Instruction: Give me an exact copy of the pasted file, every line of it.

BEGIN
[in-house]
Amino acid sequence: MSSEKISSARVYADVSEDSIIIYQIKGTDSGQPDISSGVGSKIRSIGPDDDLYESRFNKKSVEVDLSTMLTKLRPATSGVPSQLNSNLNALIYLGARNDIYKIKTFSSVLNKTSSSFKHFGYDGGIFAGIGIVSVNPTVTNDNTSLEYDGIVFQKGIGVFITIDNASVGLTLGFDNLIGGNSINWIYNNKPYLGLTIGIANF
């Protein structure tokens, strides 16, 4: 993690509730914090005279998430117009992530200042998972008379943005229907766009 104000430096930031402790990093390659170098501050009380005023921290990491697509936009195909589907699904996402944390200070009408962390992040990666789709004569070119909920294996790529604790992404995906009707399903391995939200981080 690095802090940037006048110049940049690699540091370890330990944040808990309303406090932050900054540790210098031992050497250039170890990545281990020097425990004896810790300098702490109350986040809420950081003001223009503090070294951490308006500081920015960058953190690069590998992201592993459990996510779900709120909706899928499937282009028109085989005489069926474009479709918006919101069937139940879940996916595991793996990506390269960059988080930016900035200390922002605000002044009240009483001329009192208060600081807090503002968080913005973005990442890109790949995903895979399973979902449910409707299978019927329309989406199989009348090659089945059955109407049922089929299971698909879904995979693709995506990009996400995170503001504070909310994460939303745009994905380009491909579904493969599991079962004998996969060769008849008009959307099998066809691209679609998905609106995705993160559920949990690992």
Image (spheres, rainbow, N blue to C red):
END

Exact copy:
[in-house]
Amino acid sequence: MSSEKISSARVYADVSEDSIIIYQIKGTDSGQPDISSGVGSKIRSIGPDDDLYESRFNKKSVEVDLSTMLTKLRPATSGVPSQLNSNLNALIYLGARNDIYKIKTFSSVLNKTSSSFKHFGYDGGIFAGIGIVSVNPTVTNDNTSLEYDGIVFQKGIGVFITIDNASVGLTLGFDNLIGGNSINWIYNNKPYLGLTIGIANF
């Protein structure tokens, strides 16, 4: 993690509730914090005279998430117009992530200042998972008379943005229907766009 104000430096930031402790990093390659170098501050009380005023921290990491697509936009195909589907699904996402944390200070009408962390992040990666789709004569070119909920294996790529604790992404995906009707399903391995939200981080 690095802090940037006048110049940049690699540091370890330990944040808990309303406090932050900054540790210098031992050497250039170890990545281990020097425990004896810790300098702490109350986040809420950081003001223009503090070294951490308006500081920015960058953190690069590998992201592993459990996510779900709120909706899928499937282009028109085989005489069926474009479709918006919101069937139940879940996916595991793996990506390269960059988080930016900035200390922002605000002044009240009483001329009192208060600081807090503002968080913005973005990442890109790949995903895979399973979902449910409707299978019927329309989406199989009348090659089945059955109407049922089929299971698909879904995979693709995506990009996400995170503001504070909310994460939303745009994905380009491909579904493969599991079962004998996969060769008849008009959307099998066809691209679609998905609106995705993160559920949990690992």
Image (spheres, rainbow, N blue to C red):